The reasoning should be as pleasing as possible. However, it is not enough to use beautiful words. The best approach is to make the reader sense the beauty of the argument as such. Unadorned thought, presented in its simplicity and clarity, has a beauty of its own, like that of lightning; and this is what the writer should transmit to the reader.
A rich vocabulary is indispensable for this. One must have at his fingertips an entire dictionary well studied and well implemented, or one will accomplish nothing.
The writer should know how to capitalize on the qualities of the Portuguese language, instead of trying to imitate the magnificent languages of other peoples. Everyone ought to take advantage of the beauties of his own vocabulary.
In the Portuguese language, due to a world of imponderables, one word may differ from one another by just a shade of meaning, while a second word is just slightly different from a third, and the third from the fourth, and so on, which imparts a wonderful precision to that which one wishes to express.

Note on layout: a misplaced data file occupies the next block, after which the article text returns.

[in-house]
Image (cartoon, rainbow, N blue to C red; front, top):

It was necessary to accustom the Legionário editors to these imperatives.
Long or short sentences?
Some interesting questions arise in the precise weighing and measuring of all these factors. For example, should long or short sentences be used?
Short sentences are easier to understand. But such a statement says very little, because it is equivalent to affirming that, for the world of simpletons, it is the only possible form of communication. And yet this is not true. The short sentence is distinguished by its simplicity, with a usefulness and charm of its own. For a succinct example, let us consider the Gospels: they have every degree and form of beauty, for they are inspired by the Holy Spirit, but they have no long sentences.